This is a complex topic that has been the subject of many a spirited debate at the dinner table. It’s not just a matter of how much cash you want to keep in your wallet. Debit cards count as liquid, too. The real question is how much you want to tie up in illiquid investments.
The first argument for having liquid money on hand is to eliminate the need to use your credit cards. If you’re not there yet, use a loan payoff calculator to figure out how long it will take to pay off your current credit card balances by making just minimum monthly payments.
Not having to use credit cards is an obvious pro for keeping money in liquid form. There are also a few cons to it. For your convenience, we’ve listed out a few of both. Consider the following carefully.
Pros of Keeping Your Money in Liquid Form
Avoiding the Use of Credit Cards
We’ve already mentioned this, but it’s important enough to be listed here again. Using credit cards for purchases stunts your financial growth and could get you into serious debt. Paying cash is sometimes much better.
Easy Access to Emergency Funds
When that medical expense or major car repair comes along, you don’t want to have to liquidate assets that are difficult to sell. Money that is tied up in illiquid investments can’t help you in situations like this.
CDs and Money Market Accounts
These count as liquid assets because they can easily be turned into cash for expenses and unforeseen emergencies. They’re in the “pro” category because they also generate interest, helping you grow your money.
Cons of Keeping Your Money in Liquid Form
Your Money Doesn’t Grow
Liquid assets—other than CDs, savings accounts, and money market accounts—don’t generate interest, so your money won’t grow. Even the interest-bearing accounts we just mentioned barely beat the rate of inflation.
Your Money Can Be Stolen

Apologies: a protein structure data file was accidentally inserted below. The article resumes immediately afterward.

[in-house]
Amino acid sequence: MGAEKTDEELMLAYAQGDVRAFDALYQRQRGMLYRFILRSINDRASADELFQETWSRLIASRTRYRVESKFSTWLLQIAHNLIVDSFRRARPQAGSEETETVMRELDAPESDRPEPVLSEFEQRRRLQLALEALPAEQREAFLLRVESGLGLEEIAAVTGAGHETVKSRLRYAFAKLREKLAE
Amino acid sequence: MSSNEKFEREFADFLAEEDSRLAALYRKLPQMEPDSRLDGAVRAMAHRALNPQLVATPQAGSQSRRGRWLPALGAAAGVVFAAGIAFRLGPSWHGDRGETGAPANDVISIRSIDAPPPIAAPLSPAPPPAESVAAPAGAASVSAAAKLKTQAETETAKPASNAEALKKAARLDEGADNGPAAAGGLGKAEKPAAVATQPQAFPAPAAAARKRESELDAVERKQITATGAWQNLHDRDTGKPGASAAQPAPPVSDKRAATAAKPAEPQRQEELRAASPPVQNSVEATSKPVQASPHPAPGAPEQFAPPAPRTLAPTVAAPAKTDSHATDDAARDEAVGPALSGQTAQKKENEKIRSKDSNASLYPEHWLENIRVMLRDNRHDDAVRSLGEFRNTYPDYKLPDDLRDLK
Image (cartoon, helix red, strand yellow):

Lose your wallet or pocketbook and your cash is gone. There’s no way to get it back unless some good Samaritan happens to find it. Parking your cash in stocks, bonds, or mutual funds can be much safer.
Cash Doesn’t Build Your Credit
Paying cash will help keep you out of debt, but it won’t build up your credit. There should be a balance between liquid and illiquid assets that allows you to use credit when necessary but pay cash at least half the time.
Avoiding the Debt Trap of Illiquidity
Illiquidity can create the need to borrow money when you shouldn’t need to. Investing too much into real estate, hard assets, or investment funds that charge a withdrawal penalty can leave you strapped for cash when you need it most. Don’t fall into that trap.
For best results, try to have three to six months in expenses available in liquid form. This can be cash in hand, money in checking or savings, or easily convertible CDs or money market accounts. Put the rest into an equity portfolio or Roth IRA. That’s how you build wealth.
Kevin is a former fintech coach and financial services professional. When not on the golf course, he can be found traveling with his wife or spending time with their eight wonderful grandchildren and two cats.